For Mother's Day this year, The Learning Curve asked six delegates to the annual Mom Congress to send us their educational wish lists. These "mom blogs" constitute an honest look at what's lacking in our school systems, a maternal reprimand of the current discourse, and a description of the dream school of the future.
A 101 point difference?
How is it possible that a school that has what many schools around the country are striving for -- an engaged and diverse student population, impressive school-wide achievement levels, high levels of achievement among nearly all of its sub-groups, an accessible, knowledgeable staff, an impressive level of parent involvement, a beautiful campus, and strong community partnerships -- still has a 101 point difference in average Academic Performance Index (API) scores between its African-American students and its white students?
That is the case at Sierra Madre School (part of the Pasadena Unified School District) where two of my three African-American sons are in first and third grades.
A gap between the API scores of Latino and white students exists as well. But at 67 points, it’s significantly smaller. And, over the past three years, progress has been made towards closing it. This is not the case with regards to the gap between scores of African-American and white students. It’s not budging.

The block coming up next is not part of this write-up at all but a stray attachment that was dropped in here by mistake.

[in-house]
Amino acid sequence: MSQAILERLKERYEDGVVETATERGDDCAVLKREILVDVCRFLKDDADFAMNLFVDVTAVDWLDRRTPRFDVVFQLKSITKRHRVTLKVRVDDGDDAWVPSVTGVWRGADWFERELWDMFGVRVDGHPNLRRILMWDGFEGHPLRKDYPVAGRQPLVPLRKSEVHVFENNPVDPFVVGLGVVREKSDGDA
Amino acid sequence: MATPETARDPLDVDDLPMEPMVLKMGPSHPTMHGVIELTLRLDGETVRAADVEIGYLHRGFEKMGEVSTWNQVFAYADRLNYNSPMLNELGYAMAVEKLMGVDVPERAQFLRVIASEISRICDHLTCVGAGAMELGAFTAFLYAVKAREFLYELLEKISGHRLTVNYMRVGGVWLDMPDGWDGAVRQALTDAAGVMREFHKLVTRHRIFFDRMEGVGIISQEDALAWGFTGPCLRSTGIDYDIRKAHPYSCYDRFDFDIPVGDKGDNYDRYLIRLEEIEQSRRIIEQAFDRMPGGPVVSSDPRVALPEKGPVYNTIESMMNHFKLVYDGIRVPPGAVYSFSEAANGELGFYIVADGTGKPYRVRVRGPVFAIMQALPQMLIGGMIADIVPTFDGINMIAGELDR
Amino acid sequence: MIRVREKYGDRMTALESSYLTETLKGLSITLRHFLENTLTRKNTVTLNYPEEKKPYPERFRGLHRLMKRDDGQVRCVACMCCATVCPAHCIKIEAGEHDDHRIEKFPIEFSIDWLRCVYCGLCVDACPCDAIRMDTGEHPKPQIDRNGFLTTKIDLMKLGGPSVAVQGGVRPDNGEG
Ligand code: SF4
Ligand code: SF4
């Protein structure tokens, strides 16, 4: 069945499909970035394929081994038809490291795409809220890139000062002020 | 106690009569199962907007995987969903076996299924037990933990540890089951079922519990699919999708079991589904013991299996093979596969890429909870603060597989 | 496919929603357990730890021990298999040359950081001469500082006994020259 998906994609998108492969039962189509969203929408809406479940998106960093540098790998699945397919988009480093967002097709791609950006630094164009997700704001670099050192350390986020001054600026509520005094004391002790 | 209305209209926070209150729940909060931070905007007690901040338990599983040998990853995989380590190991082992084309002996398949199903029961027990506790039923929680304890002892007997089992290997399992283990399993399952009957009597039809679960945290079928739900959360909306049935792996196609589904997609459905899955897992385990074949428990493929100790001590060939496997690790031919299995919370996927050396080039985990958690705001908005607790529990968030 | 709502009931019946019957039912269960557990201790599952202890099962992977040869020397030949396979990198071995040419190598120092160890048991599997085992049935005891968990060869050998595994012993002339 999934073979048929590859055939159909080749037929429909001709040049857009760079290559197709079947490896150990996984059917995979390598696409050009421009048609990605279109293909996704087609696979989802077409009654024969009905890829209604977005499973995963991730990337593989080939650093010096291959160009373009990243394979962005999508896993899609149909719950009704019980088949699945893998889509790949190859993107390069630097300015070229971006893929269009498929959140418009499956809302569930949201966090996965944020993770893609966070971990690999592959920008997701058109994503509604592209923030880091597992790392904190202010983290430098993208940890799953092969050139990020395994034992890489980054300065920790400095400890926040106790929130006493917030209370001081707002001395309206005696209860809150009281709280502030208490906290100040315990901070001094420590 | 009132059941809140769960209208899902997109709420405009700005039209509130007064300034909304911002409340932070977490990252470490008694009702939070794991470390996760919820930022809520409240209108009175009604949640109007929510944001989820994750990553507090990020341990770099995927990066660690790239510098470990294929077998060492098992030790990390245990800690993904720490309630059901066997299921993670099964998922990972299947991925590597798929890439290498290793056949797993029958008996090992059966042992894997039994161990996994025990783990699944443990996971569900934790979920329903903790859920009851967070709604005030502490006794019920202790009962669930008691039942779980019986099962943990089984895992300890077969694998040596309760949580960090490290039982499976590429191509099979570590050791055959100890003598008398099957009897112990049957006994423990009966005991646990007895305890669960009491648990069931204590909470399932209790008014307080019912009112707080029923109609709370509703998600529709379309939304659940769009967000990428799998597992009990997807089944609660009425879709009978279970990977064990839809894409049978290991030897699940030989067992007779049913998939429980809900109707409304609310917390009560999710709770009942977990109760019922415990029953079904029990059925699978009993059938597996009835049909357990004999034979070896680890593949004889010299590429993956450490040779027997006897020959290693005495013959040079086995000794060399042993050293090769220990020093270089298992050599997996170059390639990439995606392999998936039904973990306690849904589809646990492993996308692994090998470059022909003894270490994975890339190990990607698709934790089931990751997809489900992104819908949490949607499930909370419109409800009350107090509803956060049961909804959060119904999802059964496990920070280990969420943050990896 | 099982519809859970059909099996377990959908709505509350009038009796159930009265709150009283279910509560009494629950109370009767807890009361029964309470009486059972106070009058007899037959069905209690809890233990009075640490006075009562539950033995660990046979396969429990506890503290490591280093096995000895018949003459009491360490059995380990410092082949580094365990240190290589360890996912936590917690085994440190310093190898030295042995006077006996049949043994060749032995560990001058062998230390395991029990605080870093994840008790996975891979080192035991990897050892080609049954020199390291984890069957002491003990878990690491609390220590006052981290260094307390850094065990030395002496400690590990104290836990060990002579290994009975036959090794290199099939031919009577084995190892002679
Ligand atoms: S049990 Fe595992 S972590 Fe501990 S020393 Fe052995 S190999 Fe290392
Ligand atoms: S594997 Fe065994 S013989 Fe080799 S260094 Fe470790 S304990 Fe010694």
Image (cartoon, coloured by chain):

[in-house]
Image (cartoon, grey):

My wish for my children’s school is for the closure of all of these achievement gaps.
As much as I’d like for this to happen overnight, I realize that it will take time and a concerted effort on the part of the adults in our school community. Commitment to deep self-reflection, honest communication, and the courage to face this challenge with eyes wide open and hearts open wide will be required.
As an educator, I earnestly believe in the importance of having high expectations for all students. As a mother, I think it’s critical that all of the adults in my children’s school community -- the educators, administrators, staff members, and parents alike -- expect, believe and interact with my children, and all children, as if they too earnestly believe that they are capable of achieving at high levels. Being satisfied with the idea that any group of children has met a minimum level of achievement, hit a target API score -- and therefore not consistently continuing to help that group of children to grow and progress academically -- is unacceptable.
While the achievement gap has roots that are deeply intertwined with the history of our country, it is something that we can, we must, and we will overcome. If the first step is for a mother to wish and hope for its closure, we’re ready for step two.
Now is the time for my school, and all schools where achievement gaps are an issue, to begin the conversations necessary to move forward and take action for the good of all of our children.
Click here for more Mother's Day wish lists.
All statements and opinions expressed on this blog are those of the individual contributors, and not of the Bill & Melinda Gates Foundation or NBC News.